3. I’m here right now. I wish I knew this sooner. I got here last night and it took me 1.5 HOURS JUST TO GET ON TO THE BUS. Also, the driver was extremely rude and our bus was packed to the point that PEOPLE HAD TO HOLD THEIR SUITCASE OVER THEIR HEADS! It’s terrible. Their was also very little busses and the driver stopped at every stop when we were already full. It took 45 Minutes for us on the bus to get from Terminal 1 to the Rental Car Center. Anyone who goes there, leave yourself ample time!!!

  4. I arrived in SFO yesterday night from Florida at around 9:30. One Family from Japan waited 2 hours for the bus since they had 3 pieces of big suitcases and their wasn’t any space. It’s awful.

  5. I arrived from FRA in the evening and rented a car. They direct you to the parking shuttle busses. It was fine… but definitely takes longer as it stopped at several spots before arriving at the rental car center. In summary…. not so bad but definitely an extra 15 – 20 mins and annoying when you arrive on a long haul and expect a quick trip to rental car center.

  6. ““Summer” temperatures in San Francisco often drop to the mid-fifties (Fahrenheit) at night…”

    Thanks for the ‘(Fahrenheit)’ note, Steph. For a second I thought Celsius and was really worried SF got down to a chilly 131F at night.

  7. If it’s too busy just get an Uber/Lyft from the terminal to the rental car center. They pickup on the same level, departures, and the wait is usually 5 minutes.

  8. Other than the car rental area, I really wouldn’t worry about airtrain which you generally shouldn’t bother with anyway. You can walk from the end of terminal 3 all the way to the other end which is the international terminal within 15 to 20 minutes. It’s not that large of an airport. The car rental building is a different story. I wouldn’t recommend walking there in the dark and outdoors. You won’t see anybody else walking. Get lyft instead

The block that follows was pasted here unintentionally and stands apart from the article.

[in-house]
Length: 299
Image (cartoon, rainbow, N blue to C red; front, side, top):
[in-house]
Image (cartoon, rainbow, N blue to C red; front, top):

9. What does Hertz gold plus get door to door service mean? Hertz has their own bus? Or a snarky joke I don’t get?

  10. For locals, it’s also a big deal that the upper deck of the short term garage is closed. That’s by far my preferred place to park, because there and the ground floor are the only places where you don’t have to take an elevator to get to the terminal and then another elevator or escalator to get to/from departures. I found that out at 4:30 this morning when arriving for a flight, unfortunately.

  11. This is not a big deal for T3 (UA) passengers, unless they’re renting a car.

    It’s a real problem if you’re a T2 or, especially, a T1 passenger and you need to get to BART or the international terminal. There is currently no walkway from T1 to International, so if you walk, you’re going to have to go all the way around (T1=>T2=>T3=>INT) or shortcut across the parking structure to T3, and then walk to INT.

  12. @Henry – What’s your strategy for getting from RCC to hotels? Uber? I thought about doing this last week but couldn’t bring myself to rally for a late night AirTrain/Hotel Shuttle journey.

  13. @Aaron – You’re probably closer with the second one, but it actually is pretty close to door-to-door. You get dropped off on the ground level right by Hertz pick-up, and Gold Plus Rewards members can bypass the line and go straight to the cars. No snark intended, just a nice silver lining after an otherwise frustrating arrival experience.

  14. Seriously though If you’re going between T1/T3 any combo. You’d essentially never take the Airtrain except maybe if disabled or elderly for T1 all the way to T3.

    And yes you wouldn’t normally do it for T3 to International either. So this really limits impact to few travelers not renting cars.

    And if you’re going to SF proper for God’s Sake don’t rent a car. Parking is insane and expensive at hotels. Uber /Lyft are everywhere. There are ways to go wine country’ even

  15. “easy to forget if you are coming from a location that has any modicum of humidity”

    We have plenty of humidity.. we just call it fog and watch tourists walk around in cheesy sweatshirts that some gift shop in Fisherman’s Wharf overcharged them on.

    Seriously though, if you visit SF anytime of year, bring layers and carry them on you. Even days where it does get warm, you’ll notice locals carrying jackets with them, as the fog can roll in very quickly in the afternoon/early evening. Weather reports are vague estimates, and don’t reliably predict the fog, and the entire region is filled with microclimates where the temp can change 10f in a mile.

  16. @Steph .. if starting or ending my trip at SFO, I pick up and/or drop off my Hertz rental car at SFO Hyatt. It’s an unstaffed location, but they just leave the keys/contact at the front desk and there’s a lockbox to drop the keys and contract at the Concierge Desk. This usually works smoothly but I’ve had an occasional issue or two doing this over the years.

    There’s also a Hertz at SFO Marriott and some other standalone locations in that area.